Breast Cancer Research and Treatment

, Volume 128, Issue 1, pp 267–272 | Cite as

Replication of genome-wide discovered breast cancer risk loci in the Cypriot population

  • Maria A. Loizidou
  • Andreas HadjisavvasEmail author
  • John P. A. Ioannidis
  • Kyriacos Kyriacou


Genome-wide association studies (GWAS) have identified associations with robust statistical support for influencing breast cancer susceptibility. Most GWAS and replications have been conducted in Northern European populations and to a lesser extent in Asians, and Ashkenazi Jews. It is important to evaluate whether these variants confer risk across different populations and also to assess the magnitude of risk conferred. The aim of this study was to evaluate previously GWAS-identified breast cancer risk variants in the Cypriot population. Eleven GWAS-discovered single nucleotide polymorphisms (SNPs) were analyzed for association with breast cancer in 1,109 Cypriot female breast cancer patients and 1,177 healthy female controls. Four of the 11 SNPs evaluated were found to be nominally significantly associated (P < 0.05) with breast cancer risk in the Cypriot population. Based on estimated power, five associations would be expected to be nominally significant. The correlation coefficient of effect sizes (per-allele odds ratio) between the Cypriot population and the original GWAS populations where these SNPs had been discovered was 0.58 (P = 0.064), while allele frequencies were very similar (r = 0.88, P < 0.001). Overall, we show modest concordance for breast cancer GWAS-discovered alleles and their effect sizes in the Cypriot population. The effects sizes of GWAS-discovered SNPs need to be verified separately in different populations.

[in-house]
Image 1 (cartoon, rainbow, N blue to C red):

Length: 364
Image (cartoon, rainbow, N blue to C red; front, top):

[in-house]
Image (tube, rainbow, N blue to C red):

Breast cancer Cyprus GWAS replication SNP 



The authors thank Drs Yiola Marcou, Eleni Kakouri, Maria Daniel, Panayiotis Papadopoulos, and Simon Malas for their assistance in recruiting breast cancer patients. The authors also thank Rena Papachristoforou and Thalia Michael for their assistance in data collection, and Christina Flouri and Ioanna Neophytou for help with genotyping. The authors are indebted to all study participants. This study is co-funded by the Republic of Cyprus through Cyprus Research Promotion Foundation, the European Union Regional Development Structural Funds (Grant:ΥΓΕΙΑ/ΒΙΟΣ/0308 (ΒΙΕ)/08) and the Cyprus Institute of Neurology and Genetics.

Conflict of interest


Supplementary material

10549_2010_1319_MOESM1_ESM.doc (102 kb)
Supplementary material 1 (DOC 101 kb)


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Copyright information

© Springer Science+Business Media, LLC. 2011

Authors and Affiliations

  • Maria A. Loizidou
    • 1
  • Andreas Hadjisavvas
    • 1
    • 2
    Email author
  • John P. A. Ioannidis
    • 3
    • 4
    • 5
  • Kyriacos Kyriacou
    • 1
  1. 1.Department of Electron Microscope / Molecular PathologyThe Cyprus Institute of Neurology and GeneticsNicosiaCyprus
  2. 2.Brunel Institute for Cancer Genetics and PharmacogenomicsBrunel UniversityUxbridgeUK
  3. 3.Department of Hygiene and EpidemiologyUniversity of Ioannina School of Medicine and Biomedical Research Institute, Foundation for Research and Technology-HellasIoanninaGreece
  4. 4.Center for Genetic Epidemiology and ModellingTufts University School of MedicineBostonUSA
  5. 5.Department of EpidemiologyHarvard School of Public HealthBostonUSA

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